I was so impatient to try out treadling that I set up my 201 in the cabinet today. First, I practised with the handwheel disconnected from the needle, and without any thread in the machine, just to get the feel of starting and stopping the wheel, and the feel of catching the motion at the right point to keep the speed constant. You need to avoid the wheel turning backwards when the machine is threaded, otherwise you end up with a thread jam. The idea is to rest your feet on the treadle, spin the handwheel with your hand to get it started, then continue the motion with your feet. It’s not easy to do at first. If you get the timing wrong, you stop the wheel or send it backwards, so you need to get the feel of the optimal point to put energy into the motion to keep it going the right way.

Once I had a reasonable grip on that, I used an old training trick and put a blunt needle in the holder (without threading the machine), and tried ‘sewing’ a piece of paper, following lines, turning, stopping and starting in the right places. Then came the moment to thread the machine and try sewing properly on a scrap of fabric. I made a thread jam once, but I was pretty happy with how it went, and spent a blissful morning making quilting blocks out of scraps of fabric to both practice my technique (lots of starting and stopping, which is the hard part), and also to make a mat to protect the surface of the cabinet when I store my other machines on top of it. The sound and the feel of the treadle is wonderful. You feel much more connected to the sewing because you can feel through your feet when the machine is working harder to get through layers, and it is easier to control the speed than with an electric motor. Initially it is a bit like trying to pat your head and rub your tummy at the same time, and you need to remember to keep pressure on the treadle to balance the needle at the right point (up or down) when you are changing direction, but it is a lovely feeling when it all goes well.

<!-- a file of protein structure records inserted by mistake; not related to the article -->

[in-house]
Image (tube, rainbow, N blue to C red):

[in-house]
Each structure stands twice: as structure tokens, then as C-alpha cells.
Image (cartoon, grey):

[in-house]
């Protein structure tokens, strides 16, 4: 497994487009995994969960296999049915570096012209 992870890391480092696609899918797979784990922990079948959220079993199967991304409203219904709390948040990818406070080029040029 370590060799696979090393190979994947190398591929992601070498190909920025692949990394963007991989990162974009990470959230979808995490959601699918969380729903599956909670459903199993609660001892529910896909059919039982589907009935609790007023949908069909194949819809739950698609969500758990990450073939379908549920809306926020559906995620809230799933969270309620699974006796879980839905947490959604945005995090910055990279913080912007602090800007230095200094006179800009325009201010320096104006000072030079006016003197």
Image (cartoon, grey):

I get enormous joy from using a 74 year old machine with a 108 year old powering mechanism, and will be even happier when I can pair 108 year old Flossie up with her cabinet again.